| Date: Wed, 20 Jul 2005 13:04:40 +0100
| From: Conor Daly <conor.daly_ilug at cod.homelinux.org>
| On Wed, Jul 20, 2005 at 06:58:04AM +0200 or so it is rumoured hereabouts,
| Brian Foster thought:
| > the only issue I've had is the first Epson eventually
| > exceeded what can only be called planned obsolescence,
| > with the firmware _deliberately_ refusing to allow me
| > to continue using the printer. [ ... ]
| I heard of this. Essentially, it claims the waste ink pads are full and
| you have to send it off for replacements. Now, you can _clean_ the ink
| pads but the printer will still refuse to work.
correct. you also have to reset the counter which controls
the refusal. on the low-end model I had, that apparently
could only be done by command (over the USB link) from the
host, and Epson is coy about saying what the command is.
| > I did ultimately buy another Epson,
| > this time a higher-end model. I subsequently found
| > that other people have made the same decision under
| > the same circumstances [ ... ]
| My assumption is that the other people were stuck in the old mode of:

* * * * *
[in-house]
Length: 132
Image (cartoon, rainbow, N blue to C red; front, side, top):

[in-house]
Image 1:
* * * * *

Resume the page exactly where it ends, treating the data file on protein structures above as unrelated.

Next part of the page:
| "MS Windows has broken so I'll pay MS more money for an later version
| of MS Windows..."
bad assumption. I said _identical_. the other cases
I know of also use Linux. M$-DoS losers _do_ have a
solution. there is freeware(?) program available from
some hackers(?) in Russia that will reset the counter.
however they are very anti-Linux and refuse to provide
a Linux version, or (like Epson) even to say what the
also, my researches found the high-end models do have
this “feature” _but_ can be reset by a magic mix of
control button presses. (not verifed for the model
I now have!) and the "feature” is not quite as stupid
as it sounds since apparently when the ink pads really
_are_ full, you get a nasty mess under the printer (or
even tilting the printer when picking it up). I cannot
verify this, as the counter triggers early; i.e., I did
not have that problem.
having said that, it is obnoxious Epson does not make
available instructions for DIYers, especially people
in the situation I had — a very cheap printer, that
was out of warranty. and having said that, Epson did
win in the sense I spent more money on another Epson
printer (and on ink since). and the reason they won
is because both printers work quite well. I expect
the new one to continue to do so for multiple years;
and when it does eventually fail/refuse to work, I may
be interested in some other unit anyways. like I said,
this is not a heavy-duty office use/abuse unit, and so
bullet-proof robustness is not a key issue.
Experienced (20+ yrs) kernel/software Eng: | Brian Foster Montpellier,
• Unix, embedded, &tc; • Linux; • doc; | blf at utvinternet.ie FRANCE
• IDL, automated testing, process, &tc. | Stop E$$o (ExxonMobile)!
Résumé (CV) http://www.blf.utvinternet.ie | http://www.stopesso.com
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